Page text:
As more and more states are employing algorithms in policing, the dystopian world of The Minority Report might be more of a reality than a sci-fi film.
The use of algorithms in policing is not a new topic. Predpol, a for-profit company pioneering predictive policing algorithms, was a largely controversial issue in 2012, sparking criticisms for racially biased predictions. It uses data from past crimes such as location, type of crime and time to predict where and when crimes are most likely to occur. These predictions are then used to allocate police patrols, leading to the over-policing of low income, minority communities. This over-policing often leads to false arrests and criminalization of minorities, perpetuating the issue of a fast-growing prison population in the country.
Civil rights activists, lawyers, and community organizers have continuously lashed out against the use of algorithms, arguing that algorithms trained on decades of racially biased data will produce racially biased results. Even so, almost every state in the U.S. currently uses algorithms for policing, sentencing, and/or deciding parole. In 2019, Idaho passed a law that required the public release of how the algorithms work and what kinds of data they use, but it was hard for the average citizen to comprehend this complex algorithm.
The most prominent new algorithms, developed by the private company COMPAS as well as UPenn researchers, are ones that categorize people on parole as either low or high risk, measuring how likely the person is to commit a crime in the future. COMPAS does so by taking data such as age, sex, and current and past convictions and comparing it to past offenders. This risk assessment then determines the level of surveillance allocated to that person. This technology was implemented in a few states in 2014 as a test run. The results were that the people labeled as “low risk” and given lower amounts of surveillance were less likely to commit a violent crime than before the implementation of the algorithm. It was the opposite case with people labeled as “high risk”, who were 4 times more likely to commit a violent crime than before.
While the new algorithm-based system benefits “low risk” people, it seems to criminalize the “high risk” people by over-policing them, which perpetuates a cycle where these people would be incarcerated after release. In addition, a study done by Marc Faddoul, a researcher at UC Berkeley focusing on algorithm fairness, shows that these types of risk assessments have a 97 percent rate of getting a false positive, which may be due to how they are often designed to overestimate the risk level as a protective measure. There are also cases where people surveilled due to their risk label are not aware of being labeled as such, especially if the company that makes the algorithm, like COMPAS, doesn’t share the processes of its software. This, in turn, is violating the citizen’s right to due process and has been contested by civil rights lawyers.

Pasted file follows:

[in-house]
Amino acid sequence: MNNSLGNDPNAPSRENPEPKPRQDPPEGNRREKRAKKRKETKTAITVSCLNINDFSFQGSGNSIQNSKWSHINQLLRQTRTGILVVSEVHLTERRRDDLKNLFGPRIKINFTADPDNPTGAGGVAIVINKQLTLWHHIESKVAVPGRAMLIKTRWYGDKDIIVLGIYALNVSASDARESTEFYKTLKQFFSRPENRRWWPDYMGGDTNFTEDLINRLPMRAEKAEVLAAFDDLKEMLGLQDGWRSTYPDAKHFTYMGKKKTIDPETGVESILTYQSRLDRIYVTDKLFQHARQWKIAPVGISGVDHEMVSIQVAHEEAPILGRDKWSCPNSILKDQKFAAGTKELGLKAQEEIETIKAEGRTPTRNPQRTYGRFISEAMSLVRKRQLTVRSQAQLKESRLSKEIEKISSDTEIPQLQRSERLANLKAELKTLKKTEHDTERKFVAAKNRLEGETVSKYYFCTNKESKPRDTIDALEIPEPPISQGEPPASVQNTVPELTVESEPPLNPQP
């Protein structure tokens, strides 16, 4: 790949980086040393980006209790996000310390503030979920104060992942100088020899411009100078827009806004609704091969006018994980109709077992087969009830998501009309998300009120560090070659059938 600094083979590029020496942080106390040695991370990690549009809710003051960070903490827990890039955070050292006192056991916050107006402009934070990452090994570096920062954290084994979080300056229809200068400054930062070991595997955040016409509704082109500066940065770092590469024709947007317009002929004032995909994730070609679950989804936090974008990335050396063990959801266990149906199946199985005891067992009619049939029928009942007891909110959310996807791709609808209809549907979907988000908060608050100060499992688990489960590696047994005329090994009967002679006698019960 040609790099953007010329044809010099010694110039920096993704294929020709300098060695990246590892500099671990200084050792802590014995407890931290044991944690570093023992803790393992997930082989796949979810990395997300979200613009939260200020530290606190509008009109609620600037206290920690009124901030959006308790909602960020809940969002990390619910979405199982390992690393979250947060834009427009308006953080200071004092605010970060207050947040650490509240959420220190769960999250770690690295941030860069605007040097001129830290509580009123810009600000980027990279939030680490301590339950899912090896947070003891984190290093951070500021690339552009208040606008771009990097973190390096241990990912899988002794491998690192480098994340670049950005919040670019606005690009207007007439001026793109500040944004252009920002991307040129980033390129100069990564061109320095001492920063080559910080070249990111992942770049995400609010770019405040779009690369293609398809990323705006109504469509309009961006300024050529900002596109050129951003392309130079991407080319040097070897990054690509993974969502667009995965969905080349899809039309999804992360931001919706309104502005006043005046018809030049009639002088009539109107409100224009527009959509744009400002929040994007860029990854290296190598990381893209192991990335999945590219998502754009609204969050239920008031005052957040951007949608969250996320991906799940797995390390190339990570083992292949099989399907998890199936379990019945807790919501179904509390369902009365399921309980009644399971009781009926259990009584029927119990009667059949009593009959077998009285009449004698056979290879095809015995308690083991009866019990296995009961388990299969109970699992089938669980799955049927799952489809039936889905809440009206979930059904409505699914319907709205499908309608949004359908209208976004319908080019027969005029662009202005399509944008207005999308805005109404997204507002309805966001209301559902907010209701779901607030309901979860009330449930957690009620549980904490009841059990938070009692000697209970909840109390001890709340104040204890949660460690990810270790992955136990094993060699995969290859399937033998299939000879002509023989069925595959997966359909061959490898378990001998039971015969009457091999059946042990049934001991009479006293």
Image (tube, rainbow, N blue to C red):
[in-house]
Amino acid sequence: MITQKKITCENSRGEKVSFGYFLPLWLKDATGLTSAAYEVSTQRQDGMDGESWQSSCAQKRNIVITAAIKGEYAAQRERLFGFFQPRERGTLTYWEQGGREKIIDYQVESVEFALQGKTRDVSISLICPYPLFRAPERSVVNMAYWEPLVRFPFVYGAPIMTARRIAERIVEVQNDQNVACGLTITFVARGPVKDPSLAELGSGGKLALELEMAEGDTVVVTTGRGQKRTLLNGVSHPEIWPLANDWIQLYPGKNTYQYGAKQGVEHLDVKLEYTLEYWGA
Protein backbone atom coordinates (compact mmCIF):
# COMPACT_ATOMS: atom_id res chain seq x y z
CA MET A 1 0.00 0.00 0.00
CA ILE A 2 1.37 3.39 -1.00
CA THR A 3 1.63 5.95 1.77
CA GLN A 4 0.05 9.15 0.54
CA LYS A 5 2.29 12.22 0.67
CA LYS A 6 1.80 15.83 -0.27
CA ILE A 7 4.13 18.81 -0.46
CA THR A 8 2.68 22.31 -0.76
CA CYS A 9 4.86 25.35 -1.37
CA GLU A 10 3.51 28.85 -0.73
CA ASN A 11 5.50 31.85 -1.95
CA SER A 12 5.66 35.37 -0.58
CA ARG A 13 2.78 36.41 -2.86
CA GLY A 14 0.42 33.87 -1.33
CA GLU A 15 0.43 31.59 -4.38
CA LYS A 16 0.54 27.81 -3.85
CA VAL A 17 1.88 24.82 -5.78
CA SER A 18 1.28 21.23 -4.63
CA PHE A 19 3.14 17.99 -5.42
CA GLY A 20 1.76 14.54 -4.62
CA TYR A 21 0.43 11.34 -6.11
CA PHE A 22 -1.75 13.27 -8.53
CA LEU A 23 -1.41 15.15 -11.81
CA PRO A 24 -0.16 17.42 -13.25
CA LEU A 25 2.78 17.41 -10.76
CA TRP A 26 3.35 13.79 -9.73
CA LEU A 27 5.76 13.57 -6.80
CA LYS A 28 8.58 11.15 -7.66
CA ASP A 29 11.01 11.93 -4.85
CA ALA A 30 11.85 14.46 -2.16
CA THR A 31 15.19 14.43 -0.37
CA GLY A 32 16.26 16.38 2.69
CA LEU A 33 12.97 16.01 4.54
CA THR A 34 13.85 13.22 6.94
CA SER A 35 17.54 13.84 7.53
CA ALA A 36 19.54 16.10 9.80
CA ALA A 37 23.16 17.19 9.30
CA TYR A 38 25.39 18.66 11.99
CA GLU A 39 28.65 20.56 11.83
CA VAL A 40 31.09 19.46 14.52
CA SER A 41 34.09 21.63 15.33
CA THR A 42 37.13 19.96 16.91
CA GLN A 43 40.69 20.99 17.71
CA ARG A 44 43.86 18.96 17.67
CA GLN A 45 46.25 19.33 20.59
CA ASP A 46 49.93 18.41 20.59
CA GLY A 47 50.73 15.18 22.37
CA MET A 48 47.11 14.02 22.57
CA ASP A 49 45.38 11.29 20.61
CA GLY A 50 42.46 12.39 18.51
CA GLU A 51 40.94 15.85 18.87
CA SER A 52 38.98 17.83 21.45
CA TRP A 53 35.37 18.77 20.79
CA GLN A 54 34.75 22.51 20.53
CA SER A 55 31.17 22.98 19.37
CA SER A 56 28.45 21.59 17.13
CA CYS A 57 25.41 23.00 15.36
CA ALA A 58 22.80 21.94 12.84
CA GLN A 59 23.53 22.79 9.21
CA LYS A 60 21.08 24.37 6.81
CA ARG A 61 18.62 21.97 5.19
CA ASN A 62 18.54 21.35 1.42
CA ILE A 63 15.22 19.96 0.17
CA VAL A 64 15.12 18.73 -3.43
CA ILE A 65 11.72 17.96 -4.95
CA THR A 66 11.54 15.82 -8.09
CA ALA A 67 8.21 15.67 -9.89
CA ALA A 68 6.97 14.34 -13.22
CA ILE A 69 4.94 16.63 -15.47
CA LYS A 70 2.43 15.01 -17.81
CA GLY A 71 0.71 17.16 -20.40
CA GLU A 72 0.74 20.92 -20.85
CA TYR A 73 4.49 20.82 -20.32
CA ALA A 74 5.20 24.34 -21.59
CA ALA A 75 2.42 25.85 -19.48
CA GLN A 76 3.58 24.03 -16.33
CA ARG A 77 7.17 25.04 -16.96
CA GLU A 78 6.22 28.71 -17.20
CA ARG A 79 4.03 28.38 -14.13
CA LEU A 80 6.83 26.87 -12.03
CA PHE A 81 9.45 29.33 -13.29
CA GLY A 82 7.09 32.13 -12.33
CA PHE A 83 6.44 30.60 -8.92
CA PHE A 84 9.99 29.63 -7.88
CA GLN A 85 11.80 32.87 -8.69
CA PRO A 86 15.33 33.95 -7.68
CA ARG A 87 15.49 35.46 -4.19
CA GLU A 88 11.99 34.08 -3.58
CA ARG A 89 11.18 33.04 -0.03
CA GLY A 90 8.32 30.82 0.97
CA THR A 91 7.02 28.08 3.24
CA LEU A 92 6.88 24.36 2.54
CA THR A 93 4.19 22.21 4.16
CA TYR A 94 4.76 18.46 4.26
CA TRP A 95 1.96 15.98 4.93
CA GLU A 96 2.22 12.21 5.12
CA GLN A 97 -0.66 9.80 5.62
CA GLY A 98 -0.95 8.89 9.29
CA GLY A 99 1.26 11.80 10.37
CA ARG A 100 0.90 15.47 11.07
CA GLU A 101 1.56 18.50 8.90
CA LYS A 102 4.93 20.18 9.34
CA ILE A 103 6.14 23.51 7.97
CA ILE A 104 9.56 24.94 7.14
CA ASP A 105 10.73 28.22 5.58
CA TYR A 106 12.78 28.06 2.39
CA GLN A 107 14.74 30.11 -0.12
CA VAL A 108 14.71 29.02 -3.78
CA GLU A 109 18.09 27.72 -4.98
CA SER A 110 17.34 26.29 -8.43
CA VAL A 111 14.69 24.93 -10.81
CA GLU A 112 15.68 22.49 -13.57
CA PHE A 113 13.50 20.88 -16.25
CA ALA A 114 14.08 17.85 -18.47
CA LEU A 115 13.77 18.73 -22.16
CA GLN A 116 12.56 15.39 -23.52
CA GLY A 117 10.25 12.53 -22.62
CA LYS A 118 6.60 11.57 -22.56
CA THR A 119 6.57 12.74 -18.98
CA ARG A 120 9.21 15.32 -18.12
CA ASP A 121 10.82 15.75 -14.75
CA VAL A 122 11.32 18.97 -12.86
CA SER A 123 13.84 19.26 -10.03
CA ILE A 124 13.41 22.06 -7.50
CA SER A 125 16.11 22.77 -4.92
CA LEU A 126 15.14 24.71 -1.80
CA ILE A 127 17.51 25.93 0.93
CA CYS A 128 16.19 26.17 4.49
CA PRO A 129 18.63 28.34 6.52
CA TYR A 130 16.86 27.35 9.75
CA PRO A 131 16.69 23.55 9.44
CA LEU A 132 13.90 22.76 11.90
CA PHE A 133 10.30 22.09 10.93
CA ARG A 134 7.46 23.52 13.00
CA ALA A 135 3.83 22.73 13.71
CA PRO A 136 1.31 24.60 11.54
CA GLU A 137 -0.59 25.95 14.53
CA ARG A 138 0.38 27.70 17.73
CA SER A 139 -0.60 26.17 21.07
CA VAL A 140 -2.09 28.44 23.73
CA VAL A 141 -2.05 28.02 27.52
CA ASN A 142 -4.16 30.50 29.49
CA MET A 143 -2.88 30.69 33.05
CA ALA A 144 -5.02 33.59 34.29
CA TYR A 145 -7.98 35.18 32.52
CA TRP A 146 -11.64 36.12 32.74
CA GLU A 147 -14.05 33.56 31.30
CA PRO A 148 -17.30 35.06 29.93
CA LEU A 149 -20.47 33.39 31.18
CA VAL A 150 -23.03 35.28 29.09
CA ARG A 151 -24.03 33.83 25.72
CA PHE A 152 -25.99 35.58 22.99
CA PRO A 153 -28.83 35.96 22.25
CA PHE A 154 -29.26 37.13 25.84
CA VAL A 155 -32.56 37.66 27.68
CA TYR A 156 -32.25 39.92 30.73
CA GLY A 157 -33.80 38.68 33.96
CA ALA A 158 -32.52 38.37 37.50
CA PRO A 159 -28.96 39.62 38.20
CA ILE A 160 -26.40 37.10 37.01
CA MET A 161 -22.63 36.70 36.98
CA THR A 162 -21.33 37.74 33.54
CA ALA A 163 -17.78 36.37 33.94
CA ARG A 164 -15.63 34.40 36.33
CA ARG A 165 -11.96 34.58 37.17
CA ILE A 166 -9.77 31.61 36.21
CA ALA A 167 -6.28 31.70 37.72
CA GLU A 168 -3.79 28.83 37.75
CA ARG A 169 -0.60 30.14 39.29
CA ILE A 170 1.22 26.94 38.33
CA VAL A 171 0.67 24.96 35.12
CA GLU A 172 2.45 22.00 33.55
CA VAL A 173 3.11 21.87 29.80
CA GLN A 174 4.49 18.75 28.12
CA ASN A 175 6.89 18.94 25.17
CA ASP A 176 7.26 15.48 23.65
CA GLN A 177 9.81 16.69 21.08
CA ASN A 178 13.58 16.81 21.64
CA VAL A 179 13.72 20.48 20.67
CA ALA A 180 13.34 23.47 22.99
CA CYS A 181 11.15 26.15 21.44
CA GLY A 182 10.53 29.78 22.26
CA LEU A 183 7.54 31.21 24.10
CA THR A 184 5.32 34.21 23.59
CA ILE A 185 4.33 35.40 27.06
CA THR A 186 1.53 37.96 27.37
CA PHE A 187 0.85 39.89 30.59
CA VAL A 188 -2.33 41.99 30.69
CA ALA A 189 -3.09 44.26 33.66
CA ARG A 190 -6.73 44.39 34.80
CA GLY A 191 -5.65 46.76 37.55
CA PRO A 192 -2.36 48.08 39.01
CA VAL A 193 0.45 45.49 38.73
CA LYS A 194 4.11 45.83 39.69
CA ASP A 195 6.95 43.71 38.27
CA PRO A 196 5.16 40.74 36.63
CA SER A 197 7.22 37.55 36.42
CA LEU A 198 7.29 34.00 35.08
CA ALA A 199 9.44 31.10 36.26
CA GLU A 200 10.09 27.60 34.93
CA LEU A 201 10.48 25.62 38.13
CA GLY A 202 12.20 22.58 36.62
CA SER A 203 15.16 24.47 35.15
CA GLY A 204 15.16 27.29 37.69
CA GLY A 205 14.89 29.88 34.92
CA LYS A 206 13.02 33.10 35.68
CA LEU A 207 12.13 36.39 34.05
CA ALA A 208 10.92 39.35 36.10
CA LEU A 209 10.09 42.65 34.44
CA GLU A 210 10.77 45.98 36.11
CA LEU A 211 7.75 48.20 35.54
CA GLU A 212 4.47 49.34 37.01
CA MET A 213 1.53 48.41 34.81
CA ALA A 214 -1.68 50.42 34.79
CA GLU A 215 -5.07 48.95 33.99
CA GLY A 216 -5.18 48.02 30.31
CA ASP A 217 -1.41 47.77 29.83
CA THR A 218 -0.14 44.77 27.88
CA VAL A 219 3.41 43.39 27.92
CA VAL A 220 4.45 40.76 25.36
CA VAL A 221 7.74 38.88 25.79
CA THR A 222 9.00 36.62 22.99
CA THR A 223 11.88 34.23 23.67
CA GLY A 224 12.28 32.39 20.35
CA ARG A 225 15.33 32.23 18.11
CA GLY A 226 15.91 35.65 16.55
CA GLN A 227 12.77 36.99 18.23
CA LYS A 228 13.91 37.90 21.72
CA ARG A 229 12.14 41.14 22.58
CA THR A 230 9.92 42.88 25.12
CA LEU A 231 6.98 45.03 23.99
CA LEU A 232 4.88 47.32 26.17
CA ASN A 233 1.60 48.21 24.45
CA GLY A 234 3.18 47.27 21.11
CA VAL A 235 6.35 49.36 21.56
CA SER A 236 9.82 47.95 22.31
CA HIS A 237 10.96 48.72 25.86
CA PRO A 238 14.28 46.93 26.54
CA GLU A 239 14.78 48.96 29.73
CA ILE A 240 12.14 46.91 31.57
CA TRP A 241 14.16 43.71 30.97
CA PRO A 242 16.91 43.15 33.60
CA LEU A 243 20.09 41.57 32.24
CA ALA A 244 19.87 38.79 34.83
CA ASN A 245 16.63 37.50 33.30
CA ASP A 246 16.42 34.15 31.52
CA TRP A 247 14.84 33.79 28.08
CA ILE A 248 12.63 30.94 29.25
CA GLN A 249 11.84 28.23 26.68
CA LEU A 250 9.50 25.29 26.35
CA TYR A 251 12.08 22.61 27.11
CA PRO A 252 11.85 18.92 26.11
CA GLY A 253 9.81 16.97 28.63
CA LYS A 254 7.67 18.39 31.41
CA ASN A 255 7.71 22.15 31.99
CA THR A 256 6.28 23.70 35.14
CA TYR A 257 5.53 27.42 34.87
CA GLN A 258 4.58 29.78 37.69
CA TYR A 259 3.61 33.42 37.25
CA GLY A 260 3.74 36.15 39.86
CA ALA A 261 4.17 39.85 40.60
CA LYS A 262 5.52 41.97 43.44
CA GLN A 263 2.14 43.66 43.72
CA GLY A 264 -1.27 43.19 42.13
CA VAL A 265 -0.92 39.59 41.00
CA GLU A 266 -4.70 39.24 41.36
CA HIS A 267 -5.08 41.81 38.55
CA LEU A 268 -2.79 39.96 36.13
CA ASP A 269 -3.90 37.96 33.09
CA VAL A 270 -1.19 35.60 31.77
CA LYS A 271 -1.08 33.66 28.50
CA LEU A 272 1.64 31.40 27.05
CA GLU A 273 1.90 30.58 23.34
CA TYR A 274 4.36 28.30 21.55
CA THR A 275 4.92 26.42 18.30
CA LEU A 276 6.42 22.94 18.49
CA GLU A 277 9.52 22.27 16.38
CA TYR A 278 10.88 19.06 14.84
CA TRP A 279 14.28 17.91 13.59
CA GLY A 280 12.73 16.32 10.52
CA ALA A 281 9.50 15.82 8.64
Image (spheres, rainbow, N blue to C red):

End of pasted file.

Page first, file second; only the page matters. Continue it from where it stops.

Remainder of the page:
On the subject of the algorithms bias towards race, Richard Berk, the developer of the UPenn algorithm, theorizes that the implementation of an algorithm would remove human bias since it would leave all the analysis to data based computations, eliminating the need to understand why or what causes people to commit crimes. According to a study on algorithmic fairness, disregarding the social and historical context of crimes, such as the correlation between poverty, minority communities and high crime rates, is to oversimplify the structural problem of crime, which is turn “reinscribes violence on communities that have already experienced structural violence”.
It seems that these predictive policing and risk assessment algorithms cannot include factors of race, since the data would inevitably be trained on racially biased data, nor can the algorithms ignore the social context of race since all other factors are likely to be incorporated with it. This, added to the dangers of perpetuating a vicious cycle of recriminalization of formerly incarcerated people through the use of risk analysis and surveillance, shows that it would not be safe for algorithms cannot take on a prominent role in the criminal justice system.
A proposed solution by Faddoul is for algorithms to provide judges with “risk probabilities” instead of a label and be a tool for the judge, who will have access to social and contextual knowledge of each case, to “refine assessments instead of raising preemptive red flags”. This method would place trust in judges to be unbiased and would also depend on how judges would perceive the importance of the algorithm results.
Nevertheless, algorithms should not become the judge and jury of the criminal justice system. As of now, they are not advanced enough to address the deep rooted racial discrimination within the criminal justice system, created upon decades of racially biased policing and laws. Using algorithms as tools, as Faddoul proposes, does not solve the problem of bias, since reliance on judges leaves room for human bias. The best solution, as this study proposes, is for the research and development of an algorithm that takes into account the historical biases and works to correct them. Doing so might be a step to correct these biases and work towards a better criminal justice system. If such an algorithm exists, it must also avoid the cycle of recriminalization prevalent in the current justice system. Algorithms like the risk assessment one are seen to over-police those labeled as “high risk” and shows an increase in repeated arrests than before. This method perpetuates the growing problem of mass incarceration and the overcrowding of prisons and jails.
Until an algorithm that fixes existing prejudices and stops the cycle of recriminalization, predictive algorithms should not be used in any aspect of the criminal justice system.
Featured Image source: ACLU.org